Hot for Knowledge : Just like today, ‘A Royal Affair’ shows’ politics made strange bedfellows in the 19th century too

If you waited ages and ages to get in to see “A Royal Affair” at the Santa Barbara International Film Festival you may be disappointed to know you only had to wait a few more weeks to skip the lines. And if you didn’t get in to see it, well here’s your chance. Nikolag Arcel’s lavish costume drama follows the real-life affair that happened between the English-born Queen Caroline Mathilde of Denmark, and the King’s physician, Dr. Johann Struensee. It’s the kind of sweeping film history-lovers love, but it’s also a complex tale of good intentions and hubris on top of its love-affair plot.

The time is the 18th century, and the place is one of the last European countries trying to stave off the rising tide of the Enlightenment. And we soon see why writers like Voltaire and Rousseau questioned a system that could lead to the childish and insane King Christian VII (Mikkel Boe Folsgaard) running a country. Or at least pretending to: the true power resided in the king’s council, who handed the king laws to rubber stamp, protecting their own interests and damning the peasants.

His new Queen Caroline (Alicia Vikander) believes she’s achieved a sort of fairy tale when she lands in Copenhagen, but she soon learns the king would rather booze and carouse with prostitutes.

In steps Dr. Johann Struensee (Mads Mikkelsen), who aces his job interview with the King by sharing quotes from that forbidden writer William Shakespeare. Secretly a writer of anti-monarchy, pro-democracy tracts, the doctor finds himself in a choice position: able to change the country by using the Queen and the easily manipulated King to push through reforms. At the same time, he and the Queen begin their affair, turned on as much by each other as by the ideals of the Enlightenment.

The second half of the film descends into tragedy. Even the Queen, whose epistolary voiceover frames the movie tells us: “We thought we had it all.” Doesn’t she watch movie trailers? That phrase never bodes well.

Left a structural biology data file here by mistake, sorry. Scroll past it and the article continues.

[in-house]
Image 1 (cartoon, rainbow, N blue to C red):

The affair is actually the least interesting part of the film. Both Johann and the Queen are frustrated by their position in life, and one gets the sense that this dalliance would have happened at some time with somebody in the court. A woman has needs too, you know. Two hundred years later and these same characters would be getting excited chatting with each other over Guy Debord books in a cafe, ready to go join a student march before marching into bed with each other.

More interesting are the characters’ failings, sketched in with a subtler hand that the broad characterizations of the king’s enemies on the court. Johann actually likes the king, even while he’s using him as a mouthpiece. However, he soon takes his position for granted. Mr. Folsgaard’s performance as the king at first appears cartoonish, but deepens until we feel sad for him. He’s less insane than bored and petulant.

The film is both complex and simplistic. Scenes echo each other throughout, as when the king is forced to sign laws and decrees. In the end, the filmmaker meant for us to fully understand the irony of a “man of the people” becoming a victim of the mob.

“A Royal Affair” is sturdy, well executed (no pun intended!) historical fare, providing much to mull over, including how far we may or may not have come since the Enlightenment.

‘A Royal Affair’
Starring: Mads Mikkelsen,
Alicia Vikander, Mikkel Boe Folsgaard
Length: 137 mins.
Rating: R for sexual content and some violent images
Playing at: Plaza de Oro

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